The cheering jarred Inbee Park from her sleep. The 10-year-old went downstairs to find her father in front of the television in the middle of the night in Seoul as he watched Se Ri Pak become the first South Korean to win the U.S. Women's Open.

Within a week, Park wrapped her hands around a golf club for the first time, not knowing that it one day would lead her to the brink of history.

"They were doing replays every day on TV," Park said. "I didn't know what was happening, but I thought it was really cool to be seen playing golf and being on TV. Golf looked really fun."

Fifteen years later, everyone is talking about Inbee Park.

A win this week in the Women's British Open -- at St. Andrews (Scotland), the home of golf of all places -- would make the 25-year-old the first golfer to win four majors in one season.

Park has won three LPGA Tour majors this year -- the Kraft Nabisco Championship, LPGA Championship and U.S. Women's Open.

She's a heavy favorite when the Women's British Open begins Thursday, just as Tiger Woods was at St. Andrews when he won to complete the career Grand Slam in 2000.

"I think she can do it," Pak said Wednesday, a Hall-of-Famer revered for cutting a path for so many South Koreans. "She's dominating."


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Woods and Mickey Wright are the only players who have held four professional majors at the same time, both done over two seasons. Woods won the U.S. Open, British Open, PGA Championship and Masters in succession in 2000-01. Wright won the U.S. Women's Open, LPGA Championship, Titleholders and Western Open over the 1961-62 seasons.

Wright has been watching Park on TV this year and is struck by her calm.

"She certainly is an unflappable young lady," the 78-year-old Wright said in a rare telephone interview from her home in Florida.

The debate this week at St. Andrews is not whether Park is capable of a fourth straight major, but whether that will constitute a calendar Grand Slam. The LPGA Tour, not nearly as established or well-funded as men's golf, designated the Evian Championship in France as a fifth major this year.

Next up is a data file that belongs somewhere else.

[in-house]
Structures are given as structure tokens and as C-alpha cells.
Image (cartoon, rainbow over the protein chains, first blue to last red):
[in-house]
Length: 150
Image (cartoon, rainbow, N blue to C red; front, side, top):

"It's pretty incredible to win the first three," Woods said Wednesday at the Bridgestone Invitational in Ohio. "And the way she did it ... executing, and it seemed like she just is making everything."

The Grand Slam in golf was first mentioned in 1930 when Bobby Jones won the four biggest events of his era -- the British Open, U.S. Open, British Amateur and U.S. Amateur.

Slam or not, there is little debate that Park can do something no one else has in the modern game.

"If it could happen, it's something that I will never forget," Park said. "My name will be in the history of golf forever, even after I die."

  • Golf Digest came up with a unique survey for its September issue -- its first ranking of the "Good Guys" on the PGA Tour. Topping the list was Steve Stricker. The magazine put together criteria and surveyed a variety of people -- tournament directors, locker room attendants, players, caddies, media and tournament volunteers. Rounding out the top five were Brandt Snedeker, Rickie Fowler, Matt Kuchar and Graeme McDowell.